When you ensure a magnificent employee experience from recruiting to offboarding, you also take well care of your employer brand. You don't want your employees to leave your company and tell friends and family about how confusing the offboarding was and that they weren't offered an appropriate goodbye. Do the opposite. Let the employee leave with grace, and show them that you have appreciated their work. Then, the chances that they will leave your company as an ambassador has significantly increased.
Attract boomerang employees.
Boomerang employees are employees that leave the company and return, typically after a couple of years. Hiring these boomerang employees can definitely have some great benefits. And hiring them becomes much easier if they had a good offboarding experience where you might have added them to an alumni network and thereby kept in touch with them. The great thing about boomerang employees is that they will get productive quicker than a completely new hire. The boomerang employees will already be familiar with the culture, the product, and maybe also the work task. This will create a much smoother transaction and a quick onboarding process.
Minimize the impact on the company.
Of course, offboarding is not only about ensuring a good experience for the employee. It's also about providing a good experience for the company. It's always costly when an employee leaves the company. The cost is mainly driven by lost knowledge and recruiting and training. But it can also harm the company culture, and other employees might start to consider leaving as well. Therefore, a good offboarding process will minimize the impact a leaving employee has on the company. Carefully planned handovers and knowledge transfers can do just that. Also, it's essential to communicate so everybody knows how the process will be and who might have to handle the leaving employee's tasks until a new hire starts.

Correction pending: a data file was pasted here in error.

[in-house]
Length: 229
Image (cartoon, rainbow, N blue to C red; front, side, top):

Improve retention rates.
It is always sad to say goodbye to a valued employee. On the bright side, a good offboarding process will help you learn from the incident. Therefore, you must do your best to understand why the employee left and if you can do something in the future that can help you retain your current employees. I will go more in-depth on how you can do that later in this article.
How to streamline your offboarding process.
Building a standardized framework for your offboarding process is crucial for making it a success and ensuring that all employees get an equally good experience with their exit process. Therefore, step 1 in good offboarding is creating a process that fits your organization and its unique goals.
In this next section, I will go through a few points of awareness that you should pay attention to when creating your offboarding framework.
Get Our Free Offboarding checklist.
A good offboarding process is crucial for creating a better company culture and better retention. Use our free offboarding checklist to ensure a smooth and easy offboarding process.Get the offboarding checklist now
Conduct exit surveys and interviews.
This is the most critical part of securing that you learn and improve from the incident. It can be done in a number of ways, and we recommend that you combine them. First off, we recommend that you do an exit interview with the employee; it's a qualitative interview that will help you understand unique reasons for why exactly that employee chose to leave. It's important that you make an effort to listen more than you talk and don't try to defend the company but instead strive to understand the reason. Always try to ask open-ended questions, and don't let your assumptions on why you think the employee left show.